Human T-cell lymphotropic virus type-I (HTLV-I) is the etiologic agent of HTLV-I-associated myelopathy/tropical spastic paraparesis (HAM/TSP) and adult T-cell leukemia (ATL). HAM/TSP and ATL occur infrequently among HTLV-I-infected individuals, and rarely develop in the same individual. To study host and viral factors involved in the induction, tissue tropism, as well as pathogenesis of HAM/TSP, peripheral blood lymphocytes (PBL) from 14 patients with HAM/TSP and from 9 controls were introduced into severe combined immunodeficiency (SCID) mice by intraperitoneal injection. Mice were followed for up to 26 weeks. Human IgG was produced from 2 to 14 weeks after reconstitution in all animals. Thirty-two of 44 mice (72%) showed circulating human antibody against the major viral protein products of HTLV-I. Analysis of viral sequences by polymerase chain reaction (PCR) demonstrated HTLV-I sequences in 21/38 (55%) brains and in 7/17 (41%) spinal cords from HTLV-I-hu SCID mice. No animal had clinical evidence of neurological impairment or pathological findings similar to those seen in HAM/TSP. Seven mice who received PBL from Epstein Barr virus (EBV)-seropositive patients developed an intraperitoneal lymphoma. In 2 mice an infiltration of brain by a lymphoblastic tumor of B/T cell type was observed. By PCR, all the tumors were EBV-positive; HTLV-I sequences were detected in 5 of them. Our study suggests that the HTLV-I-hu-SCID mouse provides a potentially valuable system for studying the production, kinetics, and pathogenicity of anti-HTLV-l antibody, and may help clarify the interaction of EBV and retroviruses in the development of disease.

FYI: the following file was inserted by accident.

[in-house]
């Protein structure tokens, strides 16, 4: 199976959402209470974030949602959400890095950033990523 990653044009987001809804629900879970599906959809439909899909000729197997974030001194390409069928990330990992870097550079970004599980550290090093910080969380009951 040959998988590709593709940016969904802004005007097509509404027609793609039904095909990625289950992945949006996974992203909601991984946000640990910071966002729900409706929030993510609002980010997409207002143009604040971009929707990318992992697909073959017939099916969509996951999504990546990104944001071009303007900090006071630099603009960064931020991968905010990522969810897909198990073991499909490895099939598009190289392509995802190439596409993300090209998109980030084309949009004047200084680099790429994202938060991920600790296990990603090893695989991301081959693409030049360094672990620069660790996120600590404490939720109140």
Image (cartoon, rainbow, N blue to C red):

|Number of pages||6|
|Journal||Journal of Medical Virology|
|Publication status||Published - Jun 1996|
- SCID mouse
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